A presently preferred compound of structure 1 is PBI-429 where R1 is ethynyl and R2 is a methyl group.

For Structure 2:

the bond at the 4-position of the side chain is a triple bond,

the bond at the 2-position of the side chain is a trans-double bond or a cis-double bond,

the stereochemistry of the alcoholic hydroxyl group is S—, R— or an R,S— mixture,

and R1 is hydrogen or lower alkyl;

wherein lower alkyl is defined as containing 1 to 4 carbon atoms in a straight or branched chain, which may comprise one ring or contain at least one double bond when 3 or more carbon atoms are present.

A presently preferred compound of structure 2 is PBI-702 where R1 is a methyl group.

For Structure 3:

the bond at the 2-position of the side chain is a cis- or trans-double bond,

the bond at the 4-position of the side chain is a trans-double bond or a triple bond,

the stereochemistry of the alcoholic hydroxyl group is S—, R— or an R,S— mixture,

and R1 is hydrogen or lower alkyl;

wherein lower alkyl is defined as containing 1 to 4 carbon atoms in a straight or branched chain, which may comprise one ring or contain at least double bond when 3 or more carbon atoms are present.

A presently preferred compound of structure 3 is PBI-488 where R1 is a methyl group. It is also contemplated that salts of the ABA and of the ABA analogs may be utilized in accordance with the present invention.

Depending on species and the amount of delay needed, the amount of ABA applied to seeds can vary within wide ranges and is generally in the range of about 5 grams to 200 grams per 100 pounds of seed. Applications made to seedlings may range from 100 to 10,000 ppm depending on the application volume and amount of flowering delay needed.

Techniques of seed treatment application are well known to those skilled in the art, and they may be readily used in the context of the present invention. The compositions of the present invention may be applied as a slurry or soak. Film coating and encapsulation may also be used. The coating processes are well known in the art and employ the techniques of film coating, encapsulation, immersion, etc. The methods of application of the compositions of the present invention may be varied, and the invention is intended to include any technique that is to be used by one of skill in the art.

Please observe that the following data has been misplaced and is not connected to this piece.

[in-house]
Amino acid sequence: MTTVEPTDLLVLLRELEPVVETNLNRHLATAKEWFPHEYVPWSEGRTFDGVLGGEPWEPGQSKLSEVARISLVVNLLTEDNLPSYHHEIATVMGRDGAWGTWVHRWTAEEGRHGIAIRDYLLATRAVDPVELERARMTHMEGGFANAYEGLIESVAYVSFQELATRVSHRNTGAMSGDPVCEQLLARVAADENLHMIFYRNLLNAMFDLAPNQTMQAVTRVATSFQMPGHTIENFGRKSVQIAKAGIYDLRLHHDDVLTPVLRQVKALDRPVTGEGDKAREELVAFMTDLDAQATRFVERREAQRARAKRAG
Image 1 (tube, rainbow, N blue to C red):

In one embodiment, the invention relates to a method of delaying the flowering of a plant comprising applying an effective amount of S-(+)-abscisic acid or an agriculturally acceptable derivative or an analog thereof, to a seed of said plant. In a preferred embodiment, said plant is corn.

In another embodiment, the invention relates to a method of delaying the flowering of a plant comprising applying an effective amount of S-(+)-abscisic acid or an agriculturally acceptable derivative or an analog thereof to a said plant.

Preferred analogs include but are not limited to PBI-429, PBI-702 and PBI-488.

In one embodiment, said effective amount is from about 0.5 grams to about 1000 grams per 100 pounds of seed.

In a preferred embodiment, said effective amount is from about 5 grams to about 200 grams per 100 pounds of seed.

In another preferred embodiment, said effective amount is from about 1 ppm to about 10,000 ppm.

In another preferred embodiment, said effective amount is from about 10 ppm to about 1000 ppm.

In a preferred embodiment, methods of the present invention result in an increase of a thermal time (Growing-Degree-Days or GDD) of a plant.